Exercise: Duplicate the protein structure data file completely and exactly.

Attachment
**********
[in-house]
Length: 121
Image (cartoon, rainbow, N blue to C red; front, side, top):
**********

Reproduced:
[in-house]
Length: 121
Image (cartoon, rainbow, N blue to C red; front, side, top):